“You insist that there is something a machine cannot do. If you will tell me precisely what it is that a machine cannot do, then I can always make a machine which will do just that!” – J. von Neumann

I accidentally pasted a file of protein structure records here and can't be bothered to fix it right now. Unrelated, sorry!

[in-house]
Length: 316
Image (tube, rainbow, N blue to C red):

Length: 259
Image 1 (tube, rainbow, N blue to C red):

The journey of philosophy and cognitive psychology towards an understanding of thinking closely follows, for many important reasons, the quest for artificial intelligence. For much of cognitive psychology’s infancy, thinking, in humans, was viewed as closely analogous to the way in which a computer comes to produce output for a given symbolic input. That is to say, the behavior of the organism is produced by a calculation of sorts by the brain, a calculation inevitably performed after a mathematically describable function. Related to this is Church’s nonformal thesis that every computable function is recursively computable. Turing expanded upon Church’s thesis, by proposing that a machine can compute any mathematical function, as long as there is an effective procedure to obtain the rules of that function. It seemed to follow that the output of the human mind must be computable by some machine that could perform a similar enough function to the one operating in the mind, and that such a machine was realizable. The system expected to achieve this was the Universal Turing Machine, a system that takes symbols as input, computes a function, and yields an output. Inevitably, it was thought, the UTM would receive not only character strings and integers as inputs, but visual and auditory signals as well. Thus, research began to create computers that closely mimicked the responses of humans to given inputs; if we could achieve this, it was thought, we would know the function used by the brain, and we would therefore know exactly how thinking is performed. A behavioral test known as the Turing Test was created as the benchmark for such a function, the passing of which entailed getting humans to believe that the computer was, too, a human. Soon the line between output that was clearly produced by man, and that which was produced by machine would become blurred, at which point it surely would follow that some basic function of the human mind had been computed, and that A.I. had been realized. Whether responding to conversational input, or solving mathematical puzzles with proofs that exceeded Bertrand Russell’s own, these ostensibly cognitive activities performed by machines seemed to prove that Artificial Intelligence was gaining ground very quickly in achieving its goal. It is no wonder, then, as the field of Cognitive Psychology was coming into its own, that psychologists drew bidirectional analogies between A.I. and the human brain. The primary of these was the information-processing model of the human mind, possibly derived from the method of computation by serial computers at the time. However, the limits of the linear model of input to computation and then to output were soon exposed, producing astonishing dilemmas for those involved in the related fields. It became apparent that the Universal Turing Machine was unfit for many complex tasks that the brain seemed to perform with relative ease. For instance, visual systems in biological nervous systems induced behavioral output in milliseconds, while advanced computational algorithms in digital circuits, a million times faster than the biological systems, failed even to compare in performance (Churchland, Could a Machine Think? ). There seemed to be something about the nature of the brain, then, that separated A.I. from its goal. Two prominent philosophers proposed this idea, both around the same time, each stressing two different, yet important, perspectives. The first was Hubert Dreyfus, who argued that Artificial Intelligence systems lacked a grasp of the background context with which information should be processed. In this sense, the information-processing model, a foundational concept in Cognitive Psychology, was indeed lacking in its explanation of how information is integrated in the brain while thinking; surely processing was not achieved in the serial manner envisioned and implemented by A.I. researchers and engineers. Accessing all of the relevant data in such a way, it became clear, would take too long, even with the most efficient serial processing algorithms; a new approach was needed. The second well-publicized attack on A.I. came from John Searle, who argued that there must be certain fundamental aspects of biological brains, deeply embedded in its inherent formation, that were not yet understood by Psychologists, Neuroscientists, and A.I. theorists. One such aspect of biological brains, he argued, was the phenomenon of consciousness, and he created an elaborate thought experiment to illustrate what he thought was the absurdity of the A.I. research program’s attempt to create intelligence from the digital computer paradigm. In this experiment, Searle asks the reader to imagine a symbol-manipulating system (the nature of a Turing Machine) that could translate Chinese to English. He then asks the reader whether this system in fact “knows” English. In Searle’s view, it seems preposterous to answer in the affirmative, and therefore argues that symbol-manipulation alone does not provide a platform for conscious intelligence. The two arguments from these philosophers are similar in one important respect: they both call for a non-behavioral evaluation of intelligence; merely passing the Turing Test will not suffice for either of these perspectives of what intelligence entails. It is interesting to note that this occurred at a time when the Behaviorist approach was being replaced more and more by the Cognitive Psychological approach in the general field Psychology, and thus Cognitive Psychology was forced more and more into the deep-end, so to speak, of explaining human cognition. Psychology had to go beyond mere behavior, and had to do so independently of analogies from Computer Science. Neurobiology must have seemed like the best bet as to where to look.